McDonald argues that marketing shouldn’t be given priority over other professional disciplines but that it should be given equal status to them.

However, it is clear that marketing is a pivotal strategic process and important to business leaders.  It should flourish at three different levels in a business:

  1.  Senior managers and business proprietors need to understand and enthusiastically embrace the concept of customer service and the development of a customer-focused organisation.  the creation and maintenance of customer satisfaction should be the only route to long-term profitable success.   There should be an organisation-wide market-driven culture of superior customer service within a business as this route to success offers significant sustainability.
  2.  Business strategies must start and be evaluated against the needs of the market.  Marketing activities must have a strategic focus and an organisation’s future must be planned from the market inwards.
  3. Promotional and marketing tactics must be implemented within the context of an overall marketing strategy and be market-led.  Such tactics must meet the professional standards expected in such areas as market research, promotion and sales.

Customer satisfaction and customer focus are not simply the domain of the marketing department.  They should be the core concept throughout all of an organisations activities.

Marketing has a central role in the creation of sustainable competitive advantage.  As Kelly states in his paper Customer Intelligence; From Data to Dialogue (2005), ” the customer is the fulcrum of the business and everything from production ,to supply chain, to finance, risk management, personnel management and product development, all adapt and converge on the business value proposition that is projected to the consumer”.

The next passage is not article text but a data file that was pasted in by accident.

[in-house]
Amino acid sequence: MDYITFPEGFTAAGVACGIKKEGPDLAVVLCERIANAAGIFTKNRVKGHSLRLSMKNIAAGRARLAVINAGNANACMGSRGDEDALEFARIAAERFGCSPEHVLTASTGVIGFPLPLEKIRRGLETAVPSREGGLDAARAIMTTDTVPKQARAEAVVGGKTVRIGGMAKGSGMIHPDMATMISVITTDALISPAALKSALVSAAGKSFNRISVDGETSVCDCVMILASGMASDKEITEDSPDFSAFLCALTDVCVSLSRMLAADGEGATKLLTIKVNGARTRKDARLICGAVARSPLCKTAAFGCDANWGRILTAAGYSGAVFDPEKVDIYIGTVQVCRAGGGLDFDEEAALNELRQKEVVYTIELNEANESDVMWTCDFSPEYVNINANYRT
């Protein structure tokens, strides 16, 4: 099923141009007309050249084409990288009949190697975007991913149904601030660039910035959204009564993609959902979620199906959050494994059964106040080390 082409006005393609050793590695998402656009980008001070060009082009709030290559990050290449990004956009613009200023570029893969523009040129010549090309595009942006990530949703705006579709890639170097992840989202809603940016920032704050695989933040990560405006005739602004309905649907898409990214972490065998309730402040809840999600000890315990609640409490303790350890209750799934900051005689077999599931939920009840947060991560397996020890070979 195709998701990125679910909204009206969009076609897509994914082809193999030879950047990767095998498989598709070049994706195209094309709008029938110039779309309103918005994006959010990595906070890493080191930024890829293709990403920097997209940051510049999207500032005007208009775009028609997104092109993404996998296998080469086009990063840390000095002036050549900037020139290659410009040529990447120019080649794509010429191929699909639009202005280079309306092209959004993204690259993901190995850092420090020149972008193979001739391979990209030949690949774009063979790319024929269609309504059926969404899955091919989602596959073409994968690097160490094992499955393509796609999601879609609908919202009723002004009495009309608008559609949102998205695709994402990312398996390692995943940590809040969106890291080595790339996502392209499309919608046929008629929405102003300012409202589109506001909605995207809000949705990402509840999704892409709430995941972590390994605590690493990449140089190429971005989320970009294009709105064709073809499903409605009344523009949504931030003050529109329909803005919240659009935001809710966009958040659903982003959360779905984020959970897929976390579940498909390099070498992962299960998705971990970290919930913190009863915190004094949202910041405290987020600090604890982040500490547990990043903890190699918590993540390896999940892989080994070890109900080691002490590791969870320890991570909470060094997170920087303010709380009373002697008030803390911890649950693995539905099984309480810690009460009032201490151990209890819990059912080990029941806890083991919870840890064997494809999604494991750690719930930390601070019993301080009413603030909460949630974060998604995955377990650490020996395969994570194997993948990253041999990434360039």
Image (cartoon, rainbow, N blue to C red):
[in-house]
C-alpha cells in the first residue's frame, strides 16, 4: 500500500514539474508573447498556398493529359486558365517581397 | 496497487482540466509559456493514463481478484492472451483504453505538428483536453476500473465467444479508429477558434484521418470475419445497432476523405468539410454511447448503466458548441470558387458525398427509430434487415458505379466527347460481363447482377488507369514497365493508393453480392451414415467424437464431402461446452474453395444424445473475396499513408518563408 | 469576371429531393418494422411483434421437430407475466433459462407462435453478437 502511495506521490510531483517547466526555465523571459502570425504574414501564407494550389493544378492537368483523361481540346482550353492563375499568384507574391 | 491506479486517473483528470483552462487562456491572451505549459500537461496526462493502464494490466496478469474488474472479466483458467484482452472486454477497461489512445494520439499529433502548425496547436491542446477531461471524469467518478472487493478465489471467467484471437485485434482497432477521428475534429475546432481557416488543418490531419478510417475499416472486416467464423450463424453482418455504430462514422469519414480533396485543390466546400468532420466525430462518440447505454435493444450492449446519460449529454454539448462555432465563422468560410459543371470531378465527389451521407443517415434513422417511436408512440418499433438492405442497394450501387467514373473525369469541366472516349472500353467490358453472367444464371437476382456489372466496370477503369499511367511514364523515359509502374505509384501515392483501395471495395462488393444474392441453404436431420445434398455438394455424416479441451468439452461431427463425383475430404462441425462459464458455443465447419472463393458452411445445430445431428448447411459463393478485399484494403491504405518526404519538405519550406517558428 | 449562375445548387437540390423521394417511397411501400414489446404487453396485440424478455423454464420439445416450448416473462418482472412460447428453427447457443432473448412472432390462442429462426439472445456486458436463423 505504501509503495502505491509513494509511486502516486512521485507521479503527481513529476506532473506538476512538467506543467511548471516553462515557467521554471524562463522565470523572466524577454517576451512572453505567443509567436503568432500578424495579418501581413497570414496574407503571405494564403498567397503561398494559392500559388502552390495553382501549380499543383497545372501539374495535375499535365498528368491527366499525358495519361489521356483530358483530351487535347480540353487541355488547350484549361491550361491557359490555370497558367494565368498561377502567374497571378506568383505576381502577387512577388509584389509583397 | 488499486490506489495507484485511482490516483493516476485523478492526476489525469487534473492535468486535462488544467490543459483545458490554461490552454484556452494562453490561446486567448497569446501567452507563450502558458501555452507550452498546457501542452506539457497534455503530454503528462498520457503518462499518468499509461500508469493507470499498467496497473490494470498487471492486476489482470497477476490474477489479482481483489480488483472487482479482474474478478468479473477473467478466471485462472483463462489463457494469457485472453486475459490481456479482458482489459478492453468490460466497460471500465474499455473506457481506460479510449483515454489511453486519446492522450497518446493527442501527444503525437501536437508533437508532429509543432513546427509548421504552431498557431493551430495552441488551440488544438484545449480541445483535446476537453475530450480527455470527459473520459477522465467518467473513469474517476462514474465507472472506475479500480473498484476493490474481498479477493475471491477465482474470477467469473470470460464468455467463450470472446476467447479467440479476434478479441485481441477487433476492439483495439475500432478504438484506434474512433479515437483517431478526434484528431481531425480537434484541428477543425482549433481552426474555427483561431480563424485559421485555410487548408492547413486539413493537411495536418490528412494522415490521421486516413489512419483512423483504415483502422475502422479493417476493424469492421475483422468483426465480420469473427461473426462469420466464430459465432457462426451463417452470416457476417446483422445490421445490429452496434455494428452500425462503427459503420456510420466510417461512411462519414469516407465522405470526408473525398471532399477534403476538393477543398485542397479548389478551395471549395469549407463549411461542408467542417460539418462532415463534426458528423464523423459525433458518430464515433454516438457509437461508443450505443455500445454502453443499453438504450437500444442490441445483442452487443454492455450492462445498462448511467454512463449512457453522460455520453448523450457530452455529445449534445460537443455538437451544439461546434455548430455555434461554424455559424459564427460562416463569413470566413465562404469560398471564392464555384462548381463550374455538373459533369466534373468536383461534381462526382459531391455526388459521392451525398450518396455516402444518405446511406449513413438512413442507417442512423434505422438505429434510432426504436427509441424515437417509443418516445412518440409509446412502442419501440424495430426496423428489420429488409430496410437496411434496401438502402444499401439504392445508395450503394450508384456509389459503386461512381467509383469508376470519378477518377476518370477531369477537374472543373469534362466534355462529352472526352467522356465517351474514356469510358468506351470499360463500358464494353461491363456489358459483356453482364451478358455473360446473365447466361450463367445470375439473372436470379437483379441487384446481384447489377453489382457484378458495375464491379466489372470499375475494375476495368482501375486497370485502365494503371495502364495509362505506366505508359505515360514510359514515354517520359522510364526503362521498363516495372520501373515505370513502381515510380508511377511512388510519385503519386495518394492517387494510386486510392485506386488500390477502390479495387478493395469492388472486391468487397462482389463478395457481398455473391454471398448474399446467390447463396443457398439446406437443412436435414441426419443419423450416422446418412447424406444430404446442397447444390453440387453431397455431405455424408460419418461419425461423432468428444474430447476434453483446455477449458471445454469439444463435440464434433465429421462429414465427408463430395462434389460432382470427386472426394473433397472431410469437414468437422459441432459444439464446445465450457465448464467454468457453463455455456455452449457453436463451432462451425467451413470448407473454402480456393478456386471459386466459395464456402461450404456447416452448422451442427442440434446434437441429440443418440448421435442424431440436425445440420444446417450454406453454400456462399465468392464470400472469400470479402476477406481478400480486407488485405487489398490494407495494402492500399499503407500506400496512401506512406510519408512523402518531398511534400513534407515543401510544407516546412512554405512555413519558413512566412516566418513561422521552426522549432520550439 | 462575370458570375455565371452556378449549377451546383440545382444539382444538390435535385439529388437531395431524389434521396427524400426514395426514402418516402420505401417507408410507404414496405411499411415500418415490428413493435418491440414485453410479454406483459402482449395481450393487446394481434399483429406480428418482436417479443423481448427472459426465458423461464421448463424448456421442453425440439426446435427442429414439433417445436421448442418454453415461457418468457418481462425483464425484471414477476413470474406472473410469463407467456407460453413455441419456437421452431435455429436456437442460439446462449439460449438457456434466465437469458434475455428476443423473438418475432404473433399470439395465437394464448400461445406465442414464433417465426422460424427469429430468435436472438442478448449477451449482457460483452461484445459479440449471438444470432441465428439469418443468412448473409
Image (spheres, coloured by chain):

This means that marketing activities need to be controlled at three levels:

  1.  Marketing due diligence; whether marketing activities enhance or destroy shareholder value on the basis of an objective assessment and how strategy will be improved.
  2. Marketing effectiveness; that tactics applied to each chosen market segment targeted by the marketing strategy create the expected competitive advantage
  3. Promotional effectiveness: That marketing communications activity achieves the required objectives in terms of awareness, brand recognition, etc.

Measuring marketing effectiveness is not like factory output.  It is easy to measure what goes into a factory and what comes out, i.e. productivity.  It is not easy to measure the outcomes of marketing activity.  This fact is not grasped by many non-marketing professionals.  Productivity can be measured at the factory gate whereas the results of marketing activity may not be clear until many months after the strategy has been enacted.

What is the value of marketing?

Marketing professionals are always under pressure to add value to an organisation’s brand or identity.  But what does adding value look like?  The answer is that the definition of value depends on the type of organisation and the developmental stage of that organisation.  If you are going to measure the success of your marketing activity on the addition of value, you need to define the measures of value to be used from the outset.

For many businesses the sole measure of marketing success is financial return on investment.  Such a measure is important but you should consider the wider aspects of value in measuring marketing success.  That could mean a wide range of results including increasing consumer advocacy, the expansion of your product or service range, increasing the number and types of distribution channel used by your organisation or even by changing your organisational structure.

In the latest edition of Catalyst, the Chartered Institute of Marketing’s quarterly magazine, several different organisations give examples of the value of marketing to their business: